Louder, louder
“General Kim spent most of the meal berating me about American aggression and what terrible people we were,” Clapper said. “He got louder and louder, and he kept leaning toward me, pointing his finger at my chest and saying that U.S. and South Korean exercises were a provocation to war.”

This undated picture released from North Korea's official Korean Central News Agency (KCNA) on Monday, Jan. 12, 2014 shows North Korean leader Kim Jong Un, front left, inspecting the command of Korean People's Army (KPA) Unit 534.
KCNA said Jan. 10 the country could suspend further nuclear tests if the U.S. stopped its drills with South Korea. State Department spokeswoman Jen Psaki called the offer “inappropriate” and said in an e-mailed statement that another test would violate United Nations Security Council resolutions.
In February 2013, just weeks before the Key Resolve exercises began, North Korea held its third nuclear test and threatened to carry out nuclear strikes on the U.S. and South Korea. The allies do not believe the North can yet tip its long-range missiles with nuclear warheads.
‘Diplomatic highway’
“There are many exit ramps off North Korea’s diplomatic highway: Pyongyang can scuttle the idea if concessions are not sufficient or if sanctions or other actions are deemed unacceptable,” said Patrick Cronin, senior adviser for the Asia-Pacific Security Program at the Center for a New American Security in Washington, referring to a potential summit.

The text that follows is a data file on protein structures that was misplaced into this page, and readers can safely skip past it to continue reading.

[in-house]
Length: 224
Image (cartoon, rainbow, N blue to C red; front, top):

“If and when the diplomatic path falters, as history suggests it will, then it will be time to apply military muscle,” Cronin said by e-mail. “Cyber, missile and nuclear forces, and special forces are all part of the asymmetric tool kit at Kim’s disposal.”
The 2007 summit between then-president Roh Moo Hyun and Kim’s father, Kim Jong Il, produced pledges to cooperate that failed to take shape, as South Korea’s next leader Lee Myung Bak tied large-scale food aid to North Korea moving toward nuclear disarmament.
In 2010 North Korea fired artillery at a South Korean island and killed two marines, sending tensions soaring and prompting Lee to vow air strikes in the event of another attack.
Easing tensions could offer a potential peace dividend to companies positioned to benefit from business with North Korea such as Hyundai Merchant Marine Co. (011200), the largest stakeholder in Hyundai Asan, which operated cross-border tours. The company’s shares jumped 7 percent, the biggest advance in two months, the day after Kim’s speech.